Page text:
In general, teachers agree that academic standards have a positive impact on student achievement. Of the different types of proposed standards (which aren't mutually exclusive), 95% supported clearer academic standards, 90% supported common standards across states and 85% support tougher academic standards. However, these views shift as students progress in grade level. High-school teachers are less likely to agree that common standards would improve student performance, but they tend to support tougher standards. In their conversations with some teachers, the surveyors found that this may be due to the fact that high school teachers are exceptionally aware of the impending challenges of colleges. Many feel that tougher standards in high school would prepare students better for those challenges.
Evaluating Student Performance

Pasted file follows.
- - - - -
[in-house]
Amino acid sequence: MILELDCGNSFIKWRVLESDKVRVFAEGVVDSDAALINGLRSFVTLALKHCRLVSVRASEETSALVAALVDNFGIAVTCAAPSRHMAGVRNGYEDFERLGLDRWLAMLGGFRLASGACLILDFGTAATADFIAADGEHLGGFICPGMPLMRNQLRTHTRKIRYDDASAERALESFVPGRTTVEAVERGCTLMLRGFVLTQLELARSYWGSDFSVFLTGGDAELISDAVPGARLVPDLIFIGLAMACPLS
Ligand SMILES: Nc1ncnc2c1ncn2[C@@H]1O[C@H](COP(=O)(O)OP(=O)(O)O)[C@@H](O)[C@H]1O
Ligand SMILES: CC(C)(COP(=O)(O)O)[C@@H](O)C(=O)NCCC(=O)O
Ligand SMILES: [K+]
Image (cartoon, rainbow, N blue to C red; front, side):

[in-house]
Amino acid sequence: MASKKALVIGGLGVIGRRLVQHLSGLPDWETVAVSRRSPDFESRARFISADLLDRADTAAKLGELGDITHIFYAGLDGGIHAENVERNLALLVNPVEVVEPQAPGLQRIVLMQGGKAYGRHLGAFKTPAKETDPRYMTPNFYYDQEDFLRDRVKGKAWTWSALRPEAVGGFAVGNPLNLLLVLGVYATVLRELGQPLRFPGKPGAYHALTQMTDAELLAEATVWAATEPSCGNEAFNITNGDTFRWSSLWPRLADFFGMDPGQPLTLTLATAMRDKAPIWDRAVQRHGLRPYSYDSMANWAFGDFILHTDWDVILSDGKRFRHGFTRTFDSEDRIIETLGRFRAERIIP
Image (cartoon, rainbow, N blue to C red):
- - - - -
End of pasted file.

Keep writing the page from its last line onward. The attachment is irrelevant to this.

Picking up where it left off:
While most teachers see some value in standardized tests - only 16% and 11% said that state- and district-required tests, respectively, are 'not at all important' in measuring student achievement - they feel strongly that tests should not be the sole measure of student achievement. Most felt that ongoing assessments are much more valuable. Ninety-two percent felt that formative, ongoing assessments during class are 'absolutely essential' or 'very important' to measuring student achievement. Other measures that were widely supported by teachers include class participation, performance on class assignments and assessments scored and discussed by teams of teachers. Overall, teachers felt that using multiple measures of student assessment is crucial to getting an accurate picture.
Having that accurate picture is important - the survey found that many teachers rely on student performance data to guide instruction. They also use it when discussing student achievement with parents and other teachers and, to a lesser extent, when monitoring student progress. Teachers in low-income schools did tend to use performance data more than others when monitoring student performance to help their school meet Adequate Yearly Progress (AYP) targets.